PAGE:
• Would there have been a silver lining to all this gloom for net oil importers such as Kenya?
• Certainly yes, but subject to the availability of adequate strategic reserve storage capacity in the country.
Aircraft fleets are currently grounded, factories have gone quiet and more than 2.5 billion people are in some form of lockdown.
Governments are fighting an invisible enemy, the novel coronavirus.
The consequence is a massive disruption of all aspects of the global economic and social order.
The world energy market, especially the oil and gas sector, has suffered one of its greatest shocks since the oil crisis of 1973, except that then, the prices went north, while this time round they have dived south.
As of April 20, the price of West Texas Intermediate (WTI) which is the US benchmark crude had plummeted to a record low of below $15 per barrel since 1999 from an average price of $60 in January. This translated to a price slump of more than 75 per cent.
The BRENT, which is the UK benchmark crude has not fared better either, having dropped from an average price of $64 per barrel in January to 27.24 on April 20.
Diesel prices are Thursday expected to fall by close to Sh20 a litre - the largest margin in 13 years, Business Daily reported on Thursday.
"A brief sent to the Petroleum Ministry by the energy regulator and seen by the Business Daily indicates that the pump price of diesel will fall to Sh78.07 per litre in Nairobi from the current Sh97.56, representing a drop of 19.9 per cent," the daily said.
Ocean-going crude vessels are full everywhere and storage facilities the world over are choking. OPEC was thrown into a spin in March when Saudi Arabia and Russia, two of its key producers, could not initially agree on the level of production cut-back that would stabilize the market and ameliorate the oversupply and lack of demand problem.
However, mid-April, some agreement was reached by the 23 odd members of the Organization of the Petroleum Exporting Countries to cut down production by 10 million barrels per day.
This was not without protestation by some of the members such as Mexico, which only agreed to cut its own production by 100, 000 barrels per day as opposed to the 400, 000 barrels requested by OPEC.
But what do these cutbacks mean for the weaker members of OPEC who do not have the financial reserves to survive the set period?
Going forward, OPEC and the International Energy Agency have warned that the weaker members who rely almost entirely on oil revenues to finance their national budgets would suffer up to 85 per cent revenue loss.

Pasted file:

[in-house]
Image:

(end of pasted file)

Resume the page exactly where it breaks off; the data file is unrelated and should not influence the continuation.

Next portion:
Nigeria, for example, relies on oil revenue to finance up to 90 per cent of its budget.
It had based its 2020 budget estimates on an oil price of $57 per barrel. Consequently, it has been forced to revise its budget downwards.
SILVER LINING FOR OIL IMPORTERS
Would there have been a silver lining to all this gloom for net oil importers such as Kenya? Certainly yes, but subject to the availability of adequate strategic reserve storage capacity in the country.
A report quoted by the Daily Nation on April 25, 2019 and attributed to the Petroleum Institute of East Africa (PIEA) put Kenya’s constrained fuel consumption at 5.92 billion litres per year.
This consumption figure is constrained by the high cost of fuel in the country. Previous years performed better and registered figures above six billion litres annually, which translates roughly to 16 million litres of consumption per day.
The current storage capacity in the country is almost exclusively provided by the Kenya Pipeline Company, which is assessed at about 645 million litres.
Under the best conditions and when all the tankage is full, this would only last the country about 40 days, yet the International Energy Agency recommends at least 90 days of fuel reserves for countries in order to wade off supply disruptions.
The fact that international oil prices have hit an all-time low would have been a great opportunity for Kenya to import both crude and refined oil to build up a reserve stock and maintain a steady supply with a view to stabilising oil prices in the country.
However, we may not benefit from this situation because of the limited storage capacity of only 645 million litres.
We, therefore, do not have the infrastructural capacity for a strategic oil reserve, with the net effect being that the benefit of low oil prices may not be felt at the pump by the consumer.
With adequate reserve storage capacity, the current oil glut in the international market would have presented the best opportunity for the country to buy cheap and stockpile for the coming days in order for the low oil prices to be felt at the pump level by consumers.
Then what options can the Kenyan government explore going forward and informed by the present scenario?
In the current oil marketing structure in the country, all oil Imports are done by the Oil Marketing Companies. Moving forward, my humble submission is that the government should consider importing its own oil to go into the national strategic reserve.
This would enable it to take advantage of the international oil glut and rock bottom prices and pass the same to the consumer through low prices at the pump.
In addition to the existing tankage held by KPC, the government should consider developing national strategic storage facilities and the attendant infrastructure. Sites like Lamu, which is the center of the LAPSSET Corridor project should be front runners for consideration.
Eliud Owalo is a management consultant specialising in strategy formulation, implementation and control.